Van Koeverden's schedule works well with the flag duties
since he won't take the water until the second week of
the Games.

Also Wednesday, the Canadian Olympic Committee also
unveiled the team that will compete in Beijing.

Some 331 athletes will represent Canada compared to 265
who competed at Athens.

The COC says the addition of the men's field hockey and
women's soccer teams have contributed to the increase,
and despite a number of medal hopefuls recovering from
injuries the goal remains high for Beijing.

Canada won 12 medals in Athens and finished 19th overall.
Sylvie Bernier, Canada's chef de mission, is eyeing a
top-16 finish in Beijing.

"We know we have a very ambitious goal of top 16 in
Beijing and we also know it will be very hard, but I have
total faith in the talent and mostly the dedication of
our athletes," Bernier said.

With the idea of supporting the goal of producing podium
performances beyond Beijing, the COC is hoping for a
top-12 finish in London in 2012, says COC president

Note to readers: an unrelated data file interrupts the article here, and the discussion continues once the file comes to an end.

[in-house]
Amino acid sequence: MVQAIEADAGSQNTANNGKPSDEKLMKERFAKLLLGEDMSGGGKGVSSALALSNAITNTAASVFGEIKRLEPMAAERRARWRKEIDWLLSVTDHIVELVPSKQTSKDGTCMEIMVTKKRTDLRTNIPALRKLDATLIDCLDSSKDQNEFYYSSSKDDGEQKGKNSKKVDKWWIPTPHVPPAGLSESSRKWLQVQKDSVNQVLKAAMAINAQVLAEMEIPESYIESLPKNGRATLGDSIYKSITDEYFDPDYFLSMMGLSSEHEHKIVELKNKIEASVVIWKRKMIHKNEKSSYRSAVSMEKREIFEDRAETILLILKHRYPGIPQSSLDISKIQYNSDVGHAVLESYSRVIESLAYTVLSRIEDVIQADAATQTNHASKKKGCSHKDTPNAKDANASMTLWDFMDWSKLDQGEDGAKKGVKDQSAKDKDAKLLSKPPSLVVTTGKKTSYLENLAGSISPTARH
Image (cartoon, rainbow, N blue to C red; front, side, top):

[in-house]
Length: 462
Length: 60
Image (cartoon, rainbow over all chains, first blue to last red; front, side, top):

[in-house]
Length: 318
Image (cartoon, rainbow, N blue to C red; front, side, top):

Michael Chambers.

"That's the focus of all of our 331 athletes marching
into the stadium - they're not going to Beijing to see
Beijing, they're going to Beijing to do all they possibly
can with every effort they have inside themselves, body
and soul, to get on the podium," Chambers said.

"Some will, some won't but every one will have that as
their focus in Beijing."

The COC also downplayed questions from French-language
media assembled in Montreal about van Koeverden's lack of
French, although a fellow kayaker in Montreal chimed in
that van Koeverden could speak the language.

"The language really was not an issue at all," said
Bernier, a former Olympic gold medallist in diving. "For
us, we were just choosing the one who will be an
inspiration for the Canadian team."

Van Koeverden downplays any leadership role he may have